TikTok expands Australian footprint with new Product Engineering Hub


Sydney will be the location for a new global engineering hub, TikTok disclosed to Forbes Australia. The new Australian AI-focused engineering team will work on TikTok products around the world and report to the Los Angeles and Singapore headquarters of the company.
The TikTok logo 31 March, 2023 in Warsaw, Poland. (Photo by Jaap Arriens/NurPhoto via Getty Images)

TikTok’s parent company ByteDance is valued at A$338-billion, making it by far the most valuable startup in the world. Much of ByteDance’s traction and popularity is due to TikTok, which has 8.5-million Australian users and150-million users in the U.S.

The wildly popular social media company launched in Australia in 2019. It appointed former Google executives Hunter Lee and Brett Armstrong to lead the Australian operation in 2020. TikTok told Forbes Australia there are several hundred Australian employees currently.

The company is now recruiting for 30 machine learning and NLP engineers to join the Sydney team. The engineering hub will be located in its new 4000-foot Circular Quay office. The TikTok Australia Careers page lists the engineering hub roles as a part of the company’s Trust and Safety team. There are 72 Sydney positions on the Careers page and two in a new office in Melbourne.

The announcement of the Sydney engineering hub comes amid regulatory scrutiny including a contentious Australian parliamentary inquiry in recent weeks. It also follows the June resignation of TikTok’s global COO, V Pappas. Born in Australia, Pappas led TikTok’s U.S. and international operations from the Los Angeles headquarters.  

The Beijing office of ByteDance, the parent company of video sharing app TikTok, September 16, 2020.

While TikTok is clear that its official headquarters are in the U.S. and Singapore, the global headquarters of ByteDance is not transparent. The TikTok website states that its owner does not have a single global headquarters.

ByteDance was founded in China in 2012 by entrepreneurs Zhang Yimin and Rubo Liang. Yimin and Liang were roommates while studying Engineering at China’s Nankai University two-hours south of Beijing.

Yimin served as CEO of ByteDance until 2021. His net-worth today is $45-billion according to Forbes data, making him the 26th richest person in the world. Yimin retained 20% ownership of ByteDance after stepping down as CEO.

Singapore-based Liang took over as Chairman and CEO of ByteDance two years ago. Liang is also a billionaire twice over, though his wealth is dwarfed by that of his co-founder Yimin. It is not known how much of the Cayman-Islands domiciled ByteDance Liang owns.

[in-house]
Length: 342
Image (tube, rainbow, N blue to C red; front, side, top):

Institutional investors own around 60-percent of ByteDance according to TikTok. They include US finance firms the Carlyle Group, General Atlantic, and Susquehanna International Group.

The latter two investors occupy seats on the ByteDance board, together with an executive from Sequioa Capital Hong Kong, and ByteDance’s Singapore-based CEO.

Image: Getty

The international ownership and influence of ByteDance is a hotly contested issue. The Australian attorney general prohibited TikTok being used on government devices in April because of security concerns about data storage and access. The U.S., Europe, Canada and the U.K. issued similar mandates.

The Australian Select Committee on Foreign Interference through Social Media published a report in August stating that foreign interference is Australia’s “principal national security threat which risks significantly undermining our values, freedoms and way of life.”

During July’s Australian parliamentary inquiry into foreign interference by social media companies, TikTok’s Australian director of public policy Ella Woods-Joyce testified that TikTok collects approximate location data of users based on their IP addresses.

TikTok Australia’s General Manager, Hunter Lee, published an op-ed in the Daily Telegraph in October, stating that precise GPS location of Australian users is not collected. Lee acknowledged in the editorial that there is concern amongst Australian citizens and the government around data security. “Every Australian has the right to understand what data they are generating, what it’s being used for and to know that it is safe,” Lee said.

His op-ed states that TikTok user data is not stored in China. The company says is kept in the U.S. and Singapore, and overseen by TikTok’s US-based security team. Lee called the controls and safeguards of Australian data ‘robust.’ TikTok’s Australian website says it has not and would not share Australian user data with the Chinese Government.

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